Aggressive prayer is a prayer where a person, so to speak, forces Hashem to answer him. It is like he is taking something with strength and coercion, and this is called ‘forcing the moment’ and about this our sages say, that anyone who ’forces the moment’–time gets back at them. The strength that you exert returns to you, and hits you back in return.

Rebbe Nachman explains that Moshe’s mistake at the incident of the hitting of the rock was due to the fact that he forced the moment. “ And from this we learn, a man should not force himself on anything rather to request with pleas; if Hashem gives to him- he gives, and if not- not…”

Read these words of our Rebbe, and think about all the desolate deserts in our life and of all the closed dry and jaded rocks, that are blocking our view and choking us like a bone in our throat.

Everything that we want is water. That the rock will burst open, please, the faster the better, and that the abundance will flow and wash and redeem!

And then people come and say- wait, be careful! Don’t force the moment! Don’t use strength! Wait with patience, request gently, don’t insist, don’t hit; speak!

This is difficult! How can one not force the moment? I want something so badly. I don’t just want. I need it desperately! I need money immediately or children or a spouse or work…I have to have it immediately! The redemption is delayed and the distress is stuck in my throat like a rock! I want to be done with this thing and to continue on to the next! This rock is blocking me. Can it move already? How much can one tolerate it? Move!

How can you tell me not to use strength? How can I pray so I won’t get hit back in return? How can I pray so that I will be drawn closer to the light and to the redemption?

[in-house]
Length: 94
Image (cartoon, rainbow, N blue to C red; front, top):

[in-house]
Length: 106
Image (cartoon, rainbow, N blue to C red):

Exactly, there is prayer and then there is prayer.

There is a prayer in which you insist upon something in particular, that it should happen already. In the meantime you hit your head on the rocks, until your head, or the rock, or both burst open.

In contrast, there is personal prayer, the present that Rebbe Nachman bestowed to us. The essence of personal prayer is, as our Rebbe stated: “If Hashem gives to him- he gives, and if not- not…” In personal prayer, you don’t come to ask specifically in a way that is desirable and understandable to you, with all of your human limitations. The entire purpose to of personal prayer, it to speak with Hashem like you would speak to and true and real friend.

Do you understand?

You do not come to Hashem like you are coming to somebody that did you wrong and owes you something, and however much you beg of him, he says ‘leave me alone, there is nothing to speak about’… Rather you approach personal prayer as if you are coming to a good friend.

If you are in financial distress and you run into a good and true friend, do you start to hassle him and say: “Give me money! Fast! I need money! Now!” Or are you pleasant with him and say: “Hi, how nice to run into you! I need to tell you what I am going through, for so long I have been stewing with this alone. Do you understand? I don’t have enough money and I don’t know what to do. It’s really difficult. I am choking. It’s difficult for me. It’s very difficult for me. There are so many necessities in this world and everything cost money. If only it was possible to live in this world without needing money. This hysterical race after money is very difficult! Do you know how weird it is, how money can simply disappear into thin air?! It is not yet even in your hands, and it has already been taken from between your fingers!”…

What a difference! What a relief!

When you merit coming to Hashem like this, you suddenly see how, slowly, everything happens.

It is a lot more than throwing rocks in all directions or splitting cracks in a wall; it is like climbing on top of the rock to a higher and more amazing place.

And from there touching new horizons.

[1] Bamidbar Chapter 20 Verse 8

[2] Gemara Shabbat, Page 63

[3] Bamidbar Chapter 20 Verse 11

[4] Bamidbar et al